You can do that with
reticulate, but most time in trying to follow a tutorial in doing that you may encounter some technicalities that weren't sufficiently explained.
My answer is a little late but I hope it's a thorough walkthrough of doing it the right way - not rendering it and then loading it as a png but have the python code executed more "natively".
Step 1: Configure Python from RStudio
You want to insert an R chunk, and run the following code to configure the path to the version of Python you want to use. The default
python that comes shipped with most OS is usually the outdated python 2 and is not where you install your packages. That is the reason why it's important to do this, to make sure Rstudio will use the specified python instance where your
matplotlib library (and the other libraries you will be using for that project) can be found:
# change the following to point to the desired path on your system
# prints the python configuration
You should expect to see that your session is configured with the settings you specified:
version: 3.6.3 |Anaconda custom (64-bit)| (default, Oct 6 2017, 12:04:38) [GCC 4.2.1 Compatible Clang 4.0.1 (tags/RELEASE_401/final)]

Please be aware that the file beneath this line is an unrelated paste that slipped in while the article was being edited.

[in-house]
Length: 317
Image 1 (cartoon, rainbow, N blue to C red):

python versions found:
Step 2: The familiar
Add a Python chunk (not R!) in your R Markdown document (see attached screenshot) and you can now write native Python code. This means that the familiar
plt.imshow() will work without any extra work. It will be rendered and can be compiled into HTML / PDF using
This will work:
Or a more elaborated example:
import numpy as np
import matplotlib.pyplot as plt
DATADIR = '/Users/Samuel/Datasets/PetImages'
CATEGORIES = ['Dog', 'Cat']
for category in CATEGORIES:
path = os.path.join(DATADIR, category) # path to cat or dog dir
for img in os.listdir(path):
img_array = cv2.imread(os.path.join(path,img), cv2.IMREAD_GRAYSCALE)
Step 3: Knit to HTML / PDF / Word etc
Proceed to knit as usual. The end product is a beautifully formatted document done in Python code using R Markdown. RStudio has come a long way and I'm surprised the level of support it has for Python code isn't more known so hoping anyone that stumbled upon this answer will find it informative and learned something new.